Edema of the lungs (associated with high altitude)
High Altitude Pulmonary Edema
What is altitude sickness? — Traveling to high altitudes can sometimes cause health problems (figure 1). This group of problems is called "altitude sickness." This can happen if you go to the mountains, or just visit cities that are at high altitude (for example, Mexico City or Denver, Colorado).
The 3 main types of altitude sickness are:
Acute mountain sickness – This is the most common type and causes symptoms like those caused by an alcohol hangover.
High altitude cerebral edema (also called "HACE") – This is less common but more serious than acute mountain sickness. It involves swelling of the brain.
High altitude pulmonary edema (also called "HAPE") – This is also less common and more serious than acute mountain sickness. It involves fluid buildup in the lungs.
If you are planning to go somewhere at high altitude, there are things you can do to keep from getting altitude sickness.
What are the symptoms of altitude sickness? — The symptoms differ depending on the type of altitude sickness you have.
Acute mountain sickness can happen within a day of traveling or climbing to a very high altitude. The symptoms can include:
Having no appetite
Nausea, sometimes with vomiting
Getting short of breath with exercise
If you have these symptoms, do not travel or climb any higher until you feel better. You should feel better within a day or so.
The symptoms of HACE (swelling of the brain) usually start 1 to 3 days after traveling or climbing to at a high altitude. They include:
Extreme tiredness and weakness
Trouble walking normally
Confusion and irritability
The symptoms of HAPE (fluid in the lungs) usually start 2 to 4 days after traveling or climbing to a high altitude. They include:
Trouble walking uphill
Is there anything I can do on my own to feel better? — Yes. If you have mild symptoms of acute mountain sickness, you should rest. Do not travel or climb to a higher altitude until you feel better. Moving to a lower altitude can also help, if symptoms do not go away in a day or 2. For a headache, you can take medicines such as aspirin, acetaminophen (sample brand name: Tylenol), or ibuprofen (sample brand names: Advil, Motrin).
You might be tempted to keep climbing, especially if you are with other people. But it's important to rest so you don't get worse. If you are climbing or traveling with someone who has symptoms of altitude sickness, stay with them so you can get help if needed.
If you have symptoms of a more serious problem, such as HACE or HAPE, try to get help right away and move to a lower altitude immediately.
Should I see a doctor or nurse? — If you have severe symptoms after traveling or climbing to a high altitude, get medical care right away. Waiting to get treatment could cause serious health problems, or even death.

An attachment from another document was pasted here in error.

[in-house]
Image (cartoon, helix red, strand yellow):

How is altitude sickness treated? — Treatment depends on which type of altitude sickness you have. If you have symptoms of acute mountain sickness, rest and stay where you are until you feel better. If your symptoms get worse, move to a lower altitude.
There are also prescription medicines that can help treat the symptoms of acute mountain sickness. These include:
Acetazolamide (brand name: Diamox) – This medicine can help prevent and treat acute mountain sickness.
Dexamethasone (brand name: Decadron) – This medicine can help keep the symptoms of acute mountain sickness from getting worse. It can also help prevent or treat swelling of the brain.
The most important treatment for HACE (swelling of the brain) or HAPE (fluid in the lungs) is to get to a lower altitude right away. If you have HACE or HAPE and cannot get to a lower altitude, you might be put inside a special inflatable bag called a "portable hyperbaric chamber" (picture 1). Once you are zipped inside this bag, it is filled up with air that is similar to the air at lower altitudes. You might also get extra oxygen to breathe.
Can altitude sickness be prevented? — Yes. The best way to prevent altitude sickness is to avoid moving quickly to a higher altitude. Going slowly gives your body time to adjust.
If you are traveling to a very high altitude, plan to stretch your trip out over several days.
If you are hiking or climbing, don't do difficult physical activities for the first few days, and avoid alcohol and sleeping pills.
When hiking, go to a higher altitude during the day and then go back down to a slightly lower altitude each night to sleep.
If you have had altitude sickness before, your doctor might give you a medicine to keep you from getting it again.
All topics are updated as new evidence becomes available and our peer review process is complete.
This topic retrieved from UpToDate on: Mar 30, 2020.
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